Earlier this year a new government reform meant that millions of leaseholders will be given the new right to extend their lease by 990 years, with the changes said to be able to save households from thousands to tens of thousands of pounds.
Under the new reform, the elderly will also be protected by reducing ground rents to zero for all new retirement properties.
The new measures which were announced by the Housing Secretary Robert Jenrick on 7th January (2021) come as part of the biggest reforms to English property law for 40 years and will fundamentally make homeownership fairer and more secure.
Currently, under the existing leasehold property laws, many homeowners face high ground rents, which when combined with a mortgage, can make it seem like they are forced to pay rent on a property they own.
Housing Secretary Rt Hon Robert Jenrick MP said:
“Across the country, people are struggling to realise the dream of owning their own home but find the reality of being a leaseholder far too bureaucratic, burdensome and expensive.”
“We want to reinforce the security that homeownership brings by changing forever the way we own homes and end some of the worst practices faced by homeowners.”
“These reforms provide fairness for 4.5 million leaseholders and chart a course to a new system altogether.”
What are the new Enfranchisement procedures?
The updated reforms to the enfranchisement procedure announced by the Government include:
- Both house and flat leaseholders will now be able to extend their lease to a new standard 990 years with a ground rent at zero.
- A cap will also be introduced on ground rent payable when a leaseholder chooses to either extend their lease or become the freeholder.
- An online calculator will be introduced to make it simpler for leaseholders to find out how much it will cost them to buy their freehold or extend their lease.
- The government is abolishing prohibitive costs like ‘marriage value’ and set the calculation rates to ensure this is fairer, cheaper and more transparent.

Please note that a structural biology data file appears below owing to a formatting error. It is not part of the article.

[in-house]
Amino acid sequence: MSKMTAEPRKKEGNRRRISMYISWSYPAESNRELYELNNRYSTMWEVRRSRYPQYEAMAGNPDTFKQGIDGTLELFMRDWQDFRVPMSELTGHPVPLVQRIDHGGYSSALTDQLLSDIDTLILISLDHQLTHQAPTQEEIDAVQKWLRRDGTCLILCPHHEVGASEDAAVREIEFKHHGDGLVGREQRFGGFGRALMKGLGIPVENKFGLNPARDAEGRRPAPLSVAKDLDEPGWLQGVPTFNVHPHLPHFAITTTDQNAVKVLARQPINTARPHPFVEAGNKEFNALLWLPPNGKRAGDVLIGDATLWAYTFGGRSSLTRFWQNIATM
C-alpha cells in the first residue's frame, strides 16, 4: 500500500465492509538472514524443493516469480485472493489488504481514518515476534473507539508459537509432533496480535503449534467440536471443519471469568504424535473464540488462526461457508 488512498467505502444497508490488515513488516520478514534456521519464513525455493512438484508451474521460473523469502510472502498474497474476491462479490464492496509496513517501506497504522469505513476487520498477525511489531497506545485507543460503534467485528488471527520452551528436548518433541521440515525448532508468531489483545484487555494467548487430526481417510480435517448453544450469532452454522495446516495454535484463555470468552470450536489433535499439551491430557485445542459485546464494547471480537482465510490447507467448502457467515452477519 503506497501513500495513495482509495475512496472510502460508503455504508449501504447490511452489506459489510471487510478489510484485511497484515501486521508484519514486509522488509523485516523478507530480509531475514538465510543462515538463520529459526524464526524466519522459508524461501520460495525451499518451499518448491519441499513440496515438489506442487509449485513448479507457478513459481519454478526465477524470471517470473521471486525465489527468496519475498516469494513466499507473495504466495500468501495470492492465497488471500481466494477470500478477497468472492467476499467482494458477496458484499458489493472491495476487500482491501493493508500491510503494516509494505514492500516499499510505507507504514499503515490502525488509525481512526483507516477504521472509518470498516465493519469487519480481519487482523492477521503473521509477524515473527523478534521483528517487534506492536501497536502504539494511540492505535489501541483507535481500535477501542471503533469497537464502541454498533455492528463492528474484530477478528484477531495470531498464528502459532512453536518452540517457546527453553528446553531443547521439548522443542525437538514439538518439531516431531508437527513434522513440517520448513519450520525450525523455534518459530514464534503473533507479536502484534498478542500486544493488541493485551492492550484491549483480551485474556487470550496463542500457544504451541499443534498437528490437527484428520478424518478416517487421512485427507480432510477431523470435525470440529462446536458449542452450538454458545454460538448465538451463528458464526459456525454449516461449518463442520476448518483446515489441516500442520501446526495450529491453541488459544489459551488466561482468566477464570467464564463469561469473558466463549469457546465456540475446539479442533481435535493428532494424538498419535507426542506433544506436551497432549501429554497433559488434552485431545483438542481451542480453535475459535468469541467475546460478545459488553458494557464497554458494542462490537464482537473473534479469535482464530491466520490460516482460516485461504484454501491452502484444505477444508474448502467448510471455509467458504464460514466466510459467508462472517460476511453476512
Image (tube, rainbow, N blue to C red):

- Further measures will be introduced to protect the elderly. The government has previously committed to restricting ground rents to zero for new leases to make the process fairer for leaseholders. This will also now apply to retirement leasehold properties (homes built specifically for older people), so purchasers of these homes have the same rights as other homeowners and are protected from uncertain and rip-off practices.
- Leaseholders will also be able to voluntarily agree to a restriction on the future development of their property to avoid paying ‘development value’.
Legislation will be brought forward in the upcoming session of Parliament, to set future ground rents to zero. This is the first part of seminal two-part reforming legislation in this Parliament.
Leasehold Enfranchisement Solicitors
Leasehold enfranchisement is the process you go through to purchase the freehold of a leasehold property. Parker Arrenberg property solicitors are experts in the field of leasehold enfranchisement and have the expertise to help you on a wide range of matters including:
- Collective enfranchisement (where a group of tenants wish to buy the freehold together)
- Purchasing the freehold of your residential property
Our dedicated property team have been providing leasehold enfranchisement services in South East London and across the UK to clients for many years. Delivering the highest level of client care is always at the forefront of what we do, and our property team fully understands the importance of ensuring our clients receive efficient, and cost-effective legal services.
Contact Our Property Solicitors
If you would like to discuss any questions raised in this article or you would like to talk to one of our specialist property lawyers regarding a leasehold matter, please do not hesitate to get in contact with one of our property team. Call us on 020 8695 2330, email us at firstname.lastname@example.org or make an online enquiry and we will call you.
Please note that this article is not intended as legal or professional advice. This is a general news article only and updates to the law may have changed since it was published